When it comes to landing pages, we’ve covered which headline formulas work best and what CTA features motivate the most people. But the images you use on your landing pages are the next critical component to nailing down landing page best practices. Why? Landing page images have been shown by numerous studies over the past few years to either enhance readers’ experience on ...
Are Social Reviews Good or Bad for Business? September 27, 2016 - Posted by Brad Smith to Reputation/ Social Media The internet has given everyone a voice. Sometimes, that’s good. Like in the case of social justice. However sometimes, that’s bad. Like virtually any YouTube comments section. For businesses, this has become a double edged sword.
Saying goodbye to your unengaged subscribers is the hardest part. The second hardest is getting the greasy h ...
You have potential Analytics are supposed to be insightful. They’re supposed to provide helpful hints and clues to what’s working well (and how to continue doing it). They’re not supposed to induce an aneurysm every time you’re asked for monthly numbers. For example, take a quick look at the sources sending you traffic.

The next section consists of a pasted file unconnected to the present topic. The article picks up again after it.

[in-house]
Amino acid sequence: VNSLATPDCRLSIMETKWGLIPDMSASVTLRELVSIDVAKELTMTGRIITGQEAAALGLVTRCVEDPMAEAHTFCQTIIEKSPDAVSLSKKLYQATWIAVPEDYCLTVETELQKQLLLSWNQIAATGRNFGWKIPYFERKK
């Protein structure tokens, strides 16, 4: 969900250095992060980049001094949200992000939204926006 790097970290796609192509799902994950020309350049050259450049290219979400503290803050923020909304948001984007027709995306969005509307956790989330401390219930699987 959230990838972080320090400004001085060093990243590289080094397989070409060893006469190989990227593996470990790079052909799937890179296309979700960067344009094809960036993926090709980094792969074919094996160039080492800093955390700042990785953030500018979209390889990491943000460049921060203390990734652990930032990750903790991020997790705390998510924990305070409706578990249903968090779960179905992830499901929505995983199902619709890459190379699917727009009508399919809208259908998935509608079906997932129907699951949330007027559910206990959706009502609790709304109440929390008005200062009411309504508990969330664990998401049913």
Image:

Your website is the ‘hub’ of all marketing channels, campaigns or activities. If it goes down, or isn’t up to standards, it’ll sabotage the rest of your efforts – dragging down ROI in the process. That’s even more challenging when you’re not technical, or don’t how to assess its quality in the first place.
When it comes to ad optimization, you already know the familiar players – the AdWords Graders, the SEMrushes, the Google Keyword Planners (God forbid). These ad tools are excellent for better managing your campaigns, whether it’s coming up with new keywords or spotting errors in your ads to fix and iterate.
Saying goodbye to your unengaged subscribers is the hardest part. The second hardest is getting the greasy handprints off your window. Image via Shutterstock. By 2018, you’ll get over 140 emails each day. Billions are already sent daily, adding up to trillions annually (how many zeroes is that even?!).